Sounds bad! So bad that Anderton was, subsequently, executed at Tyburn; his confederates, however, being charged with merely seditious libel, were allowed to keep their lives.
This was the background of the First Amendment, which states in relevant part that “Congress shall make no law… abridging the freedom of speech, or of the press[.]”
The First Amendment was written with cases like William Anderton’s in mind and was, in the words of 20th century American legal scholar Zechariah Chaffee, designed to “make further prosecutions for criticism of the government, without any incitement to law-breaking, forever impossible in the United States of America.” U.S. courts got the memo and, unlike British courts which have for decades consistently failed to uphold the legal obligation to preserve free speech contained in the UK Human Rights Act, our courts guard speech jealously. As new forms of speech and expression emerge, the courts, generally quite rapidly, move to protect these new forms of expression from state interference or control.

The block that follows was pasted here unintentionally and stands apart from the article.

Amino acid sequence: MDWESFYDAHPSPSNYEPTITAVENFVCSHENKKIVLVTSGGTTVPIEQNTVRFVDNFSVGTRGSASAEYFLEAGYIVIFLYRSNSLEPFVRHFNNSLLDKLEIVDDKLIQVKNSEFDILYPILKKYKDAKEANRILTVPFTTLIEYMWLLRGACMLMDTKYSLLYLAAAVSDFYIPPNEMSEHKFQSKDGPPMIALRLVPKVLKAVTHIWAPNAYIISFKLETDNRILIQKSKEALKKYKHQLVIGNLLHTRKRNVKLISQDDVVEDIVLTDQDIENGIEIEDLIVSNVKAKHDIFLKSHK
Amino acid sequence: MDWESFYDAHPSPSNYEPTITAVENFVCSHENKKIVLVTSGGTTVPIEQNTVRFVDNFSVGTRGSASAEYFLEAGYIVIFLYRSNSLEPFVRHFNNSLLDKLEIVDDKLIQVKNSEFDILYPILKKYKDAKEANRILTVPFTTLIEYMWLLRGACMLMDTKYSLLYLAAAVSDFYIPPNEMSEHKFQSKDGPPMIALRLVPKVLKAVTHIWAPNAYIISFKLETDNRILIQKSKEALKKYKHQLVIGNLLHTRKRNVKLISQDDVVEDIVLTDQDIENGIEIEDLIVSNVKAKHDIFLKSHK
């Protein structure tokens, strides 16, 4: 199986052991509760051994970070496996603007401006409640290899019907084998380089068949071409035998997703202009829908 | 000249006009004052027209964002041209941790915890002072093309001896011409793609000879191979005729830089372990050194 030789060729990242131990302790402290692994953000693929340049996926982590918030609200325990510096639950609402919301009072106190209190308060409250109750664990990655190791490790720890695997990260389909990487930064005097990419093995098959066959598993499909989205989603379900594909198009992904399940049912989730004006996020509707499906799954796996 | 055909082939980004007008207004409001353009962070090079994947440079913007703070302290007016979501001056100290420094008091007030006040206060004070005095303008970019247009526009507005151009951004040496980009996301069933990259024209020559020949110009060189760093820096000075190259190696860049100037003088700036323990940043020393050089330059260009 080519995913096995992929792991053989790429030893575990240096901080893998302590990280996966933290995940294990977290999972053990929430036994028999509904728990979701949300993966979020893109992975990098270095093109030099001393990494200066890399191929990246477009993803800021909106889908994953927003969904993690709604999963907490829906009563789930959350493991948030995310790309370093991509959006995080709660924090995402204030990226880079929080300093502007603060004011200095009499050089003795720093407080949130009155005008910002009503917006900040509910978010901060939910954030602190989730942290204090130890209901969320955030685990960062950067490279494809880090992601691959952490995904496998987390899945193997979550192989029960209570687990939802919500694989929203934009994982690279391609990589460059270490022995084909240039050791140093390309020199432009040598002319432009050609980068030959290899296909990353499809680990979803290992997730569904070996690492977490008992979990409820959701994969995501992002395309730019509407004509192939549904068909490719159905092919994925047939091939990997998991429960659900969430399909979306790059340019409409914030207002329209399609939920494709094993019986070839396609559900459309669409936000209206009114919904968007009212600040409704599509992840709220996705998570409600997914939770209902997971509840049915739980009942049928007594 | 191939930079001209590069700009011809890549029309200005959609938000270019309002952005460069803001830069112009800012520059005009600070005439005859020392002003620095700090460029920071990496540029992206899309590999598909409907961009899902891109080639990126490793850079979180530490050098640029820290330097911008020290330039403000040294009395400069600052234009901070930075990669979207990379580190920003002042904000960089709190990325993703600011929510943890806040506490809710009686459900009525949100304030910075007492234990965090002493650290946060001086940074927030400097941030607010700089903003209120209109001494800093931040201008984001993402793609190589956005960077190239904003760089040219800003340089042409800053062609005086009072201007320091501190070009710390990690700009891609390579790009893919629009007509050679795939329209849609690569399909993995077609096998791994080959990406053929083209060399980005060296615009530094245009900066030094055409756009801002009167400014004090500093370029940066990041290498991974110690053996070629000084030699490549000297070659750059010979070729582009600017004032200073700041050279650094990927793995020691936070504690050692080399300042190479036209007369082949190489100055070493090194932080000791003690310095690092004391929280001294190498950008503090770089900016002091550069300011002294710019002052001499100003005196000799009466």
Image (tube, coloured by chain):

This includes software and now, notably, cryptography. See e.g. Bernstein v. United States. That includes the software you write. Just because you write software, however, doesn’t mean that all of your business activities carried on subsequently are also protected speech – see e.g. the somewhat silly free speech kerfuffle around Tornado Cash, a business in all but name that happened to have a smart contract at its core. There is a difference, a big one, between using software in a (regulated) business and publishing software as a form of (unregulated) creative expression.
Ever since Opyn, 0x, and Deridex got dinged by CFTC for failing to register as, variously, Futures Commission Merchants, Designated Contract Markets or Swap Execution Facilities, I’ve had a couple of calls or podcasts a week with friends and clients alike wondering how, exactly, to adapt.